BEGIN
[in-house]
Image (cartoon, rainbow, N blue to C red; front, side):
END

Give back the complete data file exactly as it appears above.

[in-house]
Image (cartoon, rainbow, N blue to C red; front, side):